We set the URL to http://localhost and the Android package name to the packageId used in our debug version, e.g.

That is all the set-up that was required for us. I hope this helps you use Branch for release and debug versions of your app installed on one device.

Re-drawing the Drawer

Despite it being a central navigation element, Feedpresso's navigation drawer did not change much since the launch of the app in February 2015. Here's the drawer a month ago:

Original design

It's all about topics

The layout here is built around a feature we call topics. When users open Feedpresso, they can easily switch between pre-defined or custom groupings of news feeds, depending on their momentary interests. Besides the sign-in controls, the drawer had an accented action entry for creating new topics, and a Bookmarked entry at the very bottom for accessing saved articles. But the main purpose of the drawer was to switch between topcis easily.

This topic-focused menu layout made perfect sense when we designed the app. We were pretty stoked to give our users the ability to group news sources in their app in any way they wanted. There was just one catch: nobody else cared.

At the very top of its screen hierarchy, Feedpresso has the All stories screen. This is a section of the app where all stories from all of the topics are aggregated together. We treated All stories as a default, 'first' view of the app with the expectation that our users would spend most of their time in a particular topic. We were so sure of the topics feature we didn't even give All stories a menu entry. And oh boy, were we wrong.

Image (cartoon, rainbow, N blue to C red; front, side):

As it turns out, most of our users keep coming back to Feedpresso for the All stories screen. For many, the single biggest advantage of our app is its simplicity -- no interest selection, no switching between topics -- just open up and read. From our metrics and after talking to our users we realized that the feature we had considered a filler is actually a killer (ha!). And that for many of our users, the topics are not all that important.

It's all about all the topics

Here's how we incorporated this newly-attained knowledge into the current navigational drawer launched 2 weeks ago:

Design as of today

In this layout, we added an entry for All stories and moved the Bookmarked section to a more prominent place. You may also have noticed that the drawer looks more spatious: we followed the material design guidelines to adjust our icons and typography. Same number of entries, yet much more breathing space.

The topics are not going away but we have started treating them as less central. We would like our users to discover and use the feature, but they should be able to use Feedpresso without it.

Usage data and user feedback are crucial for shaping Feedpresso. It's easy to put the Steve Jobs hat on and just follow your intuitions, but nothing beats a good-old data-driven reality check.